What it Means to Be Included As a Man at a Global Summit for Women
I stepped off the plane in Sydney, Australia, a city I visit often for business, but this time, for a completely different purpose. I had been asked to speak on a panel with three other male leaders at the Global Summit of Women.
I was grateful to join this important conversation, not just as a male leader who speaks up for gender inclusion, but as a leader of innovation, which needs a multiplicity of voices and perspectives to succeed. As I thought about the opportunity and responsibility I’d been given, a couple of questions swirled in my head. First, how is it that we still can’t mobilize to provide gender equality, pay equity and leadership inclusion when the benefits are so stark?
On a more personal note, what could I say that hasn’t been said before? It wouldn’t add anything to the dialogue to just repeat the same things we hear in “Diversity Training”. Then I remembered the best advice from my wife, which was to be authentic, be yourself.
The welcome proceedings were unlike any I had ever seen. The 2,000-person theatre was buzzing with energy. I sat down and listened to the opening speeches. One in particular on gender pay equity, by McKinsey, stated that if all countries were able to match the rate of improvement of the fastest-improving country in their region, we could add as much as $12 trillion in annual GDP.
The next morning, I met my fellow panelists in the Green Room. We discussed some of our forward-thinking D&I programs and impressive statistics at our own companies, but we agreed that when we spoke we should emphasize real stories of how inclusion is having a deep impact on our workplaces.
Brian Hartzer, CEO of Westpac, one of Australia’s largest banks, made the simple case that diversity is good for business, both gender and ethnic diversity.
Tim Reed, CEO of software powerhouse, MYOB, shared that in Australia, women make up only 19% of computer science graduates. He’s been working with Male Champions for Change, a local institute dedicated to gender equality programs, encouraging code training to women looking to return to the workforce.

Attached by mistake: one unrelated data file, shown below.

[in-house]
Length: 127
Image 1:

Johnpaul Dimech, Chairman of Sodexo, Asia-Pacific, told a heart-wrenching story about Rosemond, a facilities worker who was told she would never amount to anything, and through perseverance, hard work, and strong inclusion policies has now risen to the company’s head of Health & Safety.
I spoke about how we teach learning behaviors at LumenLab that favor collaborative skills where women excel. While I didn’t cite it, there is strong research that backs this – such as a recent Kuhn and Billeval study: “Are Women More Attracted to Cooperation Than Men?” which says yes. Later, I cited statistics from our Developing Women’s Careers Experience – or DWCE program – whose graduates get promoted from AVP to VP at three times the global average.
When the subject of #MeToo came up, I shared how the revelations about unacceptable workplace behavior made me think of my son and how we need to bring up boys differently. I try to teach selflessness and empathy — how to be tolerant and when to be righteous. We should be raising them not just to be on the right side of the issue, but to speak up and to be champions for inclusion, fairness and to allow everyone in the world to have their fair chance at happiness.
The positive reaction to our panel from the crowd was humbling. Many women from all over the world told me their stories about their countries’ gender inclusion efforts, how we need to change education in STEM, and how men need to speak up to demand change. The experience made me realize that to reach our full potential, we need each of us to feel included, to have a sense that we belong at the table, and that we can bring our own unique experience and perspective to reach our goals.
Optimistically, I think we will get there. Certainly, the global dialogue on the issues raised at the Global Summit of Women in Sydney will help.